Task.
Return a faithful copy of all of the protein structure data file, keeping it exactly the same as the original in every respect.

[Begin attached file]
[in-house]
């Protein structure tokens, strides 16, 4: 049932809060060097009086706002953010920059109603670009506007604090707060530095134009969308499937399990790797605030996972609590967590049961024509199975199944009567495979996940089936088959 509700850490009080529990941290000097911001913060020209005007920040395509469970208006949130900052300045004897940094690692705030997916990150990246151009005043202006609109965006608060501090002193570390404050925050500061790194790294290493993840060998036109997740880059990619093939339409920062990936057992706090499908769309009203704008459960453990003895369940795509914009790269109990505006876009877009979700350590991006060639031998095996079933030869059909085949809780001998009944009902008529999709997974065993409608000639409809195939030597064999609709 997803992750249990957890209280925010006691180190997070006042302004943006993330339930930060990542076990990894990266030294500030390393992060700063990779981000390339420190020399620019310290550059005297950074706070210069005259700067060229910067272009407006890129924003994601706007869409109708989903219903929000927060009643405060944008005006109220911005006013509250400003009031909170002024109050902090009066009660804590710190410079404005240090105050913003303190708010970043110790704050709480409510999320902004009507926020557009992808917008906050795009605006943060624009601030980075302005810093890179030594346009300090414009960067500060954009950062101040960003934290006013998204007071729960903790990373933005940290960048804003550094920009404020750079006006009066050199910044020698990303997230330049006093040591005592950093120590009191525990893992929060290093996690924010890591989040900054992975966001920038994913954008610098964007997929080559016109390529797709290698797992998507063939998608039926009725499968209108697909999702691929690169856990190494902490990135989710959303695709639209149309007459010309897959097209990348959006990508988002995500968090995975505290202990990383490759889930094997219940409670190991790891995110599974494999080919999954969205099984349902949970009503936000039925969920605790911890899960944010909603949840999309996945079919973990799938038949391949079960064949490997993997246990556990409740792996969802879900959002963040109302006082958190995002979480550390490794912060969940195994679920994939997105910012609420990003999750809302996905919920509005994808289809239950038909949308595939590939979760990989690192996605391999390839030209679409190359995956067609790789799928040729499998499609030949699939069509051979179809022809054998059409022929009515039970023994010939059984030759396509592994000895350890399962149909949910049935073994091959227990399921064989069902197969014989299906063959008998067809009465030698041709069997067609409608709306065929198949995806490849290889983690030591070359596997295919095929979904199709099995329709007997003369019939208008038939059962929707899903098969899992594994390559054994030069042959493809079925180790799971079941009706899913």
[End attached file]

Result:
[in-house]
């Protein structure tokens, strides 16, 4: 049932809060060097009086706002953010920059109603670009506007604090707060530095134009969308499937399990790797605030996972609590967590049961024509199975199944009567495979996940089936088959 509700850490009080529990941290000097911001913060020209005007920040395509469970208006949130900052300045004897940094690692705030997916990150990246151009005043202006609109965006608060501090002193570390404050925050500061790194790294290493993840060998036109997740880059990619093939339409920062990936057992706090499908769309009203704008459960453990003895369940795509914009790269109990505006876009877009979700350590991006060639031998095996079933030869059909085949809780001998009944009902008529999709997974065993409608000639409809195939030597064999609709 997803992750249990957890209280925010006691180190997070006042302004943006993330339930930060990542076990990894990266030294500030390393992060700063990779981000390339420190020399620019310290550059005297950074706070210069005259700067060229910067272009407006890129924003994601706007869409109708989903219903929000927060009643405060944008005006109220911005006013509250400003009031909170002024109050902090009066009660804590710190410079404005240090105050913003303190708010970043110790704050709480409510999320902004009507926020557009992808917008906050795009605006943060624009601030980075302005810093890179030594346009300090414009960067500060954009950062101040960003934290006013998204007071729960903790990373933005940290960048804003550094920009404020750079006006009066050199910044020698990303997230330049006093040591005592950093120590009191525990893992929060290093996690924010890591989040900054992975966001920038994913954008610098964007997929080559016109390529797709290698797992998507063939998608039926009725499968209108697909999702691929690169856990190494902490990135989710959303695709639209149309007459010309897959097209990348959006990508988002995500968090995975505290202990990383490759889930094997219940409670190991790891995110599974494999080919999954969205099984349902949970009503936000039925969920605790911890899960944010909603949840999309996945079919973990799938038949391949079960064949490997993997246990556990409740792996969802879900959002963040109302006082958190995002979480550390490794912060969940195994679920994939997105910012609420990003999750809302996905919920509005994808289809239950038909949308595939590939979760990989690192996605391999390839030209679409190359995956067609790789799928040729499998499609030949699939069509051979179809022809054998059409022929009515039970023994010939059984030759396509592994000895350890399962149909949910049935073994091959227990399921064989069902197969014989299906063959008998067809009465030698041709069997067609409608709306065929198949995806490849290889983690030591070359596997295919095929979904199709099995329709007997003369019939208008038939059962929707899903098969899992594994390559054994030069042959493809079925180790799971079941009706899913």